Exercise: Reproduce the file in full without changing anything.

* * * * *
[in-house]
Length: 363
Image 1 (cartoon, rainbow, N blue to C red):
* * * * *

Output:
[in-house]
Length: 363
Image 1 (cartoon, rainbow, N blue to C red):